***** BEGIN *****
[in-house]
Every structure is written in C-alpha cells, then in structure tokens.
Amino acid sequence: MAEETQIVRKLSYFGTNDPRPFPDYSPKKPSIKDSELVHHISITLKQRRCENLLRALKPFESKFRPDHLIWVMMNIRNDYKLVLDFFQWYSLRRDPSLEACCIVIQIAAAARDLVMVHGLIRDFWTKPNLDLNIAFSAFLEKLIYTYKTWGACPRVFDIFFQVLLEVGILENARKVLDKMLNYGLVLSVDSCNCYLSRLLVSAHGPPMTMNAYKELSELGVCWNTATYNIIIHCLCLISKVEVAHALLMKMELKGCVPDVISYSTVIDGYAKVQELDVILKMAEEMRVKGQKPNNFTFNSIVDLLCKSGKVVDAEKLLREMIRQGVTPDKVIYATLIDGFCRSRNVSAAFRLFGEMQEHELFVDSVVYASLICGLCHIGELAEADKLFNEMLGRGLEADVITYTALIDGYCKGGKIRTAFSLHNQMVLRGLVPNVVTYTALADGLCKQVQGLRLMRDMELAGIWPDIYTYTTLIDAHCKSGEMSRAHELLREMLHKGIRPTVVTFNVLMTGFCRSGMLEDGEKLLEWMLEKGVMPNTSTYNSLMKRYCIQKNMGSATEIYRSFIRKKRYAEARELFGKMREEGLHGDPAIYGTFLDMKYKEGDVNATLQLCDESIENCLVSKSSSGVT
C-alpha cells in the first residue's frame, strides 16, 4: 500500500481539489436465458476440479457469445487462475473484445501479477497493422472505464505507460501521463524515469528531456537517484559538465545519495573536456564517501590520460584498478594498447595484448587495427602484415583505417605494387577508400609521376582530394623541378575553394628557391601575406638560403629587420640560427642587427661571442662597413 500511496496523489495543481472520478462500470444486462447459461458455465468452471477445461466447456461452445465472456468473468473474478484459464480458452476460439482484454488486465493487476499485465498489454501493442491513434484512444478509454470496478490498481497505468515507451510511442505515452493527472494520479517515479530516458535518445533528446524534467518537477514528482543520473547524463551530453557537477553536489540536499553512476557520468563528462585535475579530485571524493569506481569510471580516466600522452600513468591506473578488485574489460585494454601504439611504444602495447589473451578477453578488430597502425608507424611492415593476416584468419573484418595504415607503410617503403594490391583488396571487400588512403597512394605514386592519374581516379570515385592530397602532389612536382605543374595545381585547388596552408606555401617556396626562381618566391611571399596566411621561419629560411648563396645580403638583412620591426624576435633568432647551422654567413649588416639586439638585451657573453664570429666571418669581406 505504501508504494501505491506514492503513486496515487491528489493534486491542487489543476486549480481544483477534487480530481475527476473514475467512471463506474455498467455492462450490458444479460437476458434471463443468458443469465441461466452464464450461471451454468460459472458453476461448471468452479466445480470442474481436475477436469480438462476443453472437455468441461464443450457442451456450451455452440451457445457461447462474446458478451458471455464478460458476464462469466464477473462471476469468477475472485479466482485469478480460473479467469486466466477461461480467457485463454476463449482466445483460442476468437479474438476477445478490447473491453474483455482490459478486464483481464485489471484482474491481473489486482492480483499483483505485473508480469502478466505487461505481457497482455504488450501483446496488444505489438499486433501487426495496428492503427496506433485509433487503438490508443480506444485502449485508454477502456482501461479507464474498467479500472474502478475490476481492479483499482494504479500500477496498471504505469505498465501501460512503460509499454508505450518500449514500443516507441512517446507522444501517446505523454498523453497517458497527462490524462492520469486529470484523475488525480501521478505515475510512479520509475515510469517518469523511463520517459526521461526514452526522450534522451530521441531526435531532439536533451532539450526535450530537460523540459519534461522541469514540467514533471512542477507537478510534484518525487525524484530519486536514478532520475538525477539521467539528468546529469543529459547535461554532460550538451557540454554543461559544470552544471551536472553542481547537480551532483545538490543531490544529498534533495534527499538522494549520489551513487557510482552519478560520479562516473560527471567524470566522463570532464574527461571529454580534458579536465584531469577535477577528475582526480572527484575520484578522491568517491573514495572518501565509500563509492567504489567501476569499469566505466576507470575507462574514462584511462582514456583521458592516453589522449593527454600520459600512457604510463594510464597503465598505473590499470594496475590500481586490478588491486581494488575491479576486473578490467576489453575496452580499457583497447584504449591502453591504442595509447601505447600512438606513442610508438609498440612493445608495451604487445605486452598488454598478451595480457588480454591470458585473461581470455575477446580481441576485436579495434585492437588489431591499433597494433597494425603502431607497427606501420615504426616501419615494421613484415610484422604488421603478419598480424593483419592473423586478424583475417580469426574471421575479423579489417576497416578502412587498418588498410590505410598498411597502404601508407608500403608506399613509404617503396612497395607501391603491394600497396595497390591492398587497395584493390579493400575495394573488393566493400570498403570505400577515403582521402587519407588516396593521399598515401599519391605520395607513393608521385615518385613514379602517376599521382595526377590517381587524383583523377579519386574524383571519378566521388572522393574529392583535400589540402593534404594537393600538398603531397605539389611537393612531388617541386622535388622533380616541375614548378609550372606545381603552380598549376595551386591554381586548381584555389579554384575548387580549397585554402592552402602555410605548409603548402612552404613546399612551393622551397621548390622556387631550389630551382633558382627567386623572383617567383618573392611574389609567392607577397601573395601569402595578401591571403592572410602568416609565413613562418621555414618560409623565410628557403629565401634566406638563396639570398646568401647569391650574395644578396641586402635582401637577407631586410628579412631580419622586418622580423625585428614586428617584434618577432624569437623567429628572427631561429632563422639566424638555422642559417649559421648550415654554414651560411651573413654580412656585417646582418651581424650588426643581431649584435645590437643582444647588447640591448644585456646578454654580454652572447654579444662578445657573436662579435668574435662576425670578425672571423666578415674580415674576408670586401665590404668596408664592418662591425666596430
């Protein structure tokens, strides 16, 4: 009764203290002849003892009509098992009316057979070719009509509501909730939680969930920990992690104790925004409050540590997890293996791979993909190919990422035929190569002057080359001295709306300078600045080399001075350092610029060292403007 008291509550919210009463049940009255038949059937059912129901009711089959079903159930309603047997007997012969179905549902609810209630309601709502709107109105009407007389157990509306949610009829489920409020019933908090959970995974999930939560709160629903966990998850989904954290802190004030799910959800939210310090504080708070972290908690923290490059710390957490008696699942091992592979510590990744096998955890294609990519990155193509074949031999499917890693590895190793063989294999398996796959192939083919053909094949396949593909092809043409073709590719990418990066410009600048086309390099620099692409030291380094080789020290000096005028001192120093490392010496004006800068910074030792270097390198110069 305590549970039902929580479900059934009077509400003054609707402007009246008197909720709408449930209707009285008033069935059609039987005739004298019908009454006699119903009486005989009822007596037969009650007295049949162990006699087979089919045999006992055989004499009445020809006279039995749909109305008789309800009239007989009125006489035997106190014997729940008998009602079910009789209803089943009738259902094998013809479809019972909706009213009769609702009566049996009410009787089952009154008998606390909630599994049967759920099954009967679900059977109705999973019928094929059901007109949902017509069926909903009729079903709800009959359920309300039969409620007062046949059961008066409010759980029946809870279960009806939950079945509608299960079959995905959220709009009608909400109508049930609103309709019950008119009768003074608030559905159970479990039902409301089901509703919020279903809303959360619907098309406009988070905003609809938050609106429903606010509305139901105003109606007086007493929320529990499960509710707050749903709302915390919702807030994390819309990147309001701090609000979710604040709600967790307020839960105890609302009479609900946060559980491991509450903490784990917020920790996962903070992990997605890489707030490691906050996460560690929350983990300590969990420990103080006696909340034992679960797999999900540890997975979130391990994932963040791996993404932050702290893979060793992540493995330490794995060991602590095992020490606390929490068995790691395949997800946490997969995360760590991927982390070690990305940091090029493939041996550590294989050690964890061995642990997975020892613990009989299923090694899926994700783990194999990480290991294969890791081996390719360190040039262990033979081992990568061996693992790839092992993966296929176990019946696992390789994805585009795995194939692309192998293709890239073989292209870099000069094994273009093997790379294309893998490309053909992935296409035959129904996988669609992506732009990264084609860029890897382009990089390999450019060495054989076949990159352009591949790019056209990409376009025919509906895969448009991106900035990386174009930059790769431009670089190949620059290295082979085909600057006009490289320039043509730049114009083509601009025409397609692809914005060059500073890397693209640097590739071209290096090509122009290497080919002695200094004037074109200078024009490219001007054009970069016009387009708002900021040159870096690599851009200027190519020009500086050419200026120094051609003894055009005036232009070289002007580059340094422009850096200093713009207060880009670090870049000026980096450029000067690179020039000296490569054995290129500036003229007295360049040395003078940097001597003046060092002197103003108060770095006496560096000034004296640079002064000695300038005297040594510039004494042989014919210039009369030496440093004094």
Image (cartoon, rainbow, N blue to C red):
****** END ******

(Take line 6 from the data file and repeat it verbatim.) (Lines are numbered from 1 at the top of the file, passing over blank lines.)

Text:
Image (cartoon, rainbow, N blue to C red):